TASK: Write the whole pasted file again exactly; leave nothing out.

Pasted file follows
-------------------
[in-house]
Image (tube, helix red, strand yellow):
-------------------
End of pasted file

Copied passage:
[in-house]
Image (tube, helix red, strand yellow):